“In Finland, we have a prize giving ceremony for each class and the best three (or sometimes 5, if there are a lot of competitors in a class) often get a free run coupon for the next trial, dog food, a rosette, a trophy, and often something extra donated by sponsors (oil, dog toy, bones or treats, towel, mug, etc.).”
That’s nice, and we used to be able to do that, but time, you know…
“In the US, there is no prize giving ceremony. Everyone can pick up their ribbon from a table, after their run. Nobody checks, whether you got the result or not, you just pick up your ribbons.”
Right. Because the ribbon is kind of meaningless if you didn’t actually earn it. It doesn’t GET you anything to have it.
“In every trial, there is a steeplechase course.”
No. That’s USDAA only, and even then, not always offered.
“The course is easy and flowing, there is no dogwalk, seesaw or table, but the A-frame or weaves are performed twice during the run. There are no refusals and each fault adds five seconds to your running time.”
True. Except for off-courses, which eliminate you.
“In Finland, a dog becomes an agility or jumping champion after getting three clean runs with specified placements, in the highest class (class 3). The dog then needs seven clean runs each year (five from agility, two from jumpers, at least two must be from consecutive runs), to be eligible to compete in the Finnish Championships, plus the dog has to win at least once, to be eligible to compete in the Finnish team selection event.”
Finnish Agility Champion seems almost to equate to an AX/AXJ, although I assume that there is no split between dogs that have finished the championship and dogs who have not. When they say “specified placements,” I assume that means that the dog does not have to get 1st place 3 times, but does at least have to place–perhaps as a top percentage of the class? After that, all your running counts for is to get in to the Finnish championships, and/or to get in to the Finnish team selection event.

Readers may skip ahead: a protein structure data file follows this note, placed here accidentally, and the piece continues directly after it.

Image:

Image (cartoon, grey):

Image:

I am going to respectfully submit that a Finnish championship is, for teams able to achieve it (by which I mean teams with enough speed and accuracy to place, at least on occasion), easier to get than a championship in any U.S. venue–BUT–that a championship in any U.S. venue MAY be more widely achieved. This is a subtle distinction, I realize.
“There are also three levels in the US: Starters, Advance and Masters. When a dog has become a Master (5 clean runs in Masters), and a Champion (10 clean runs in Masters)” (goes on to discuss USDAA LAA awards)
In USDAA, to get your MAD or MPD (Master Agility Dog title) you need 3 clean runs in Standard and one qualifying run each in Masters Jumpers, Gamblers, Pairs, and Snooker. Effectively you need 7 runs to become a master. To become a Champion, you must have Master titles in each class (5 qualifying runs each in Standard, Jumpers, Gamblers, 5 qualifying runs with 5 different partners in Pairs, 5 qualifying runs with 3 being in the top 15% of the class in Snooker, and 5 tournament Qs). Effectively you need 35 runs to become a champion in USDAA. AKC requirements are different.
“Most competitors here are more interested in getting a Q than winning the class or getting the best out of their dogs.”
They are correct in thinking that winning a class doesn’t matter as much here as it does in Finland. I have won many classes with my P2 (advanced) level dog, but he can’t finish the title and move up to the next level because he keeps having a single fault (usually a knocked bar or a missed contact). If we had a win out system, he’d have been in the top level several times over by now. Therefore, winning a class with him is NEVER my goal. Because it’s meaningless if it doesn’t come with a Q.
However, I have to take issue with the last half of that sentence. I don’t know what it even MEANS, but I will say this…
Because a championship is more WIDELY AVAILABLE in U.S. agility (due to the variety of venues, the variety of jump heights, etc.) there will be a wider variety of competitors with a wider variety of goals. There is NO WAY for anyone to know that the handler walking to the line (who is being dissed here) does NOT have “getting the best out of the dog” as a goal.
I see U.S. competitors making the same argument, actually.
But why would we all have the same goals in our Agility lives? And as long as someone is not abusing their dog, and their dog is having a good time, why should anyone CARE what another person’s goals are?
Unless they’re paying your bills, pay them bitches no mind. ~RuPaul